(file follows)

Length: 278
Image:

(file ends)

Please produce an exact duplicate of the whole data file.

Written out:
Length: 278
Image: